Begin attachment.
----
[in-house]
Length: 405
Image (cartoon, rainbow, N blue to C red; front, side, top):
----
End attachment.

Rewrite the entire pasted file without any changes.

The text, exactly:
[in-house]
Length: 405
Image (cartoon, rainbow, N blue to C red; front, side, top):